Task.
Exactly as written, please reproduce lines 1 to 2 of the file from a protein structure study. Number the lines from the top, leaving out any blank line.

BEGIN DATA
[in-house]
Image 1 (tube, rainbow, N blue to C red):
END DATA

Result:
[in-house]
Image 1 (tube, rainbow, N blue to C red):